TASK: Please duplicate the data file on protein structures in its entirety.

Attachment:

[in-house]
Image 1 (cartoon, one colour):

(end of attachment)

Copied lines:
[in-house]
Image 1 (cartoon, one colour):